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Where were you the night John Lennon died?

"Where were you the night John Lennon died?" That's my memorable moment at University of Illinois, published by the Champaign-Urbana News-Gazette. They are commemorating the 150th anniversary of the uni with a weekly series by graduates.

The Daily Illini, Night John Lennon died, University of Illinois, News Gazette

I was working at The Daily Illini, and all the news was all John, all night:

Cullen was skimming the AP ticker — "a rickety old 19th century contraption that supposedly ticked, but definitely clacked each time a story came in" — when the news broke that John Lennon had been shot outside his New York residence and was pronounced dead on arrival at Roosevelt Hospital.

"Someone had stationed the ticker right around the corner from the 'rim,' where the copy editors sat, so we could hear it clacking," he says. "Your ears told you how lively the world was: most nights, it sat silent for long stretches, but when things got crazy, it was relentless, and it never rested that night.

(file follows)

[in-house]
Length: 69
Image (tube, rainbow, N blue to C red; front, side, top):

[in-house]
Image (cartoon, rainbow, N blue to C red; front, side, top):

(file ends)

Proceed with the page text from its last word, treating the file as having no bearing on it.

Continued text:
When the editor there asked me for a memory, I actually submitted two, both at the DI. I'm not surprised he picked that one, but I actually prefered the other. Here it is:

But most of my memories were rosy, I'm happy to say. The one etched most deeply, because my eyes constantly rested upon it, is a tiny line of graffiti, less than half an inch high, scratched into the mortar between the bricks at eye level above the only three old urinals way down the corridor in the back of Illini Hall. I stared right at it, and repeated it in my head hundreds of times, every pee: "Though it nearly took a miracle to get you to stay, it only took my little fingers to blow you away."

That was my introduction to Elvis Costello. Punk rock had peaked in England in 1977, but hadn't made it to my Chicago suburb, or me, until I got to Champaign freshman year in 1979, where it was a revelation. I reported to The Daily Illini and they put me to work before my first class, so I literally began my college education there, and it was later that fall that I expanded it with my copy of of My Aim Is True, heard "Watching The Detectives" and the urinal line came alive.

It only occurred to me later that both centered on a shooting. Hmmmmm. That whole Columbine thing may have done more to my psyche than I realized.

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